Communicating in a Time of Crisis

52 tips in 52 weeks: week 14

This is part of a special series, brought to you by the Standards for Excellence Institute, to provide nonprofit leaders with a brief nonprofit governance and management tip weekly over the course of 2020. We hope these short tips will be helpful to you and the nonprofits you serve. If you have suggestions for future topics, please forward these to

Nonprofit leaders around the country are working hard to continue to meet their important community missions in the midst of the COVID-19 crisis. With this in mind, we’ve been engaged in analysis around which aspects of the Standards for Excellence program could play a role in helping prepare a nonprofit for the turbulent and uncertain times that we are all facing. We’ve heard from nonprofit leaders that they are grateful that the Standards for Excellence program helped them to develop policies, tools, and plans that help them weather the current situation— things like comprehensive disaster plans, remote work policies, exemplary board practices, and treating donors with respect. In addition to these undoubtedly crucial areas, another key item many nonprofits are leaning on is their communication policy and their crisis communications plan.

The Standards for Excellence: An Ethics and Accountability Code for the Nonprofit Sector, states that “A nonprofit should have written, board-approved administrative policies that are periodically reviewed by the board. At a minimum, these policies should address issues such as crisis and disaster planning, information technology, communications, and social media.”

Implementing a crisis communications plan is an essential part of a nonprofit’s disaster preparedness efforts. In the event of a crisis, a nonprofit must be able to communicate with all stakeholders with confidence, speed, and accuracy. Protecting the positive public image of your organization and ensuring the public confidence are the main goals of your crisis communications plan.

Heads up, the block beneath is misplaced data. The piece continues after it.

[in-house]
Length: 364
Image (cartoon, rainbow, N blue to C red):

When a disaster or crisis arises, your organization should have a well-considered plan of action to communicate both internally and externally to all stakeholders, including the public and media. This plan identifies who will (and will not) speak on behalf of the organization, how the messages will be developed, how all staff and board members will be prepared to deal with inquiries, and how the response will be evaluated afterwards so that improvements can be made to the plan, as needed. While its most advantageous to have a crisis communications plan in place prior to the onset of a disaster, for those who have not taken that step, there is no time like the present- it can also be beneficial to develop your plan even in the midst of a crisis, particularly when the crisis appears to be lengthy and drawn out.

In addition to your nonprofit’s communications plan addressing general topics like what systems the organization has in place for communications, social media usage/engagement, and who is responsible for selecting the communications system, a communications policy and plan will also address topics like, who is in charge of creating the crisis response(s)?  Specifically looking at crisis communications, nonprofits are encouraged to have contingency plans for major crisis that may affect your organization. Such a plan should also address preventative measures and adaptive measures (i.e. addresses measures to prevent the disaster and addresses measure to adapt to the disaster) and should address communications at all levels of the organization. 

We share our sincere wishes for your continued good health and patience as we all navigate these challenging and uncertain times.

The Standards for Excellence Institute has made their Administrative Policies Educational Packet, Guide to Remote Work, and Crisis and Disaster Planning Resources free during this time.

Members of Maryland Nonprofits have access to this and all 27 Standards for Excellence Educational Resource Packets through the member portal.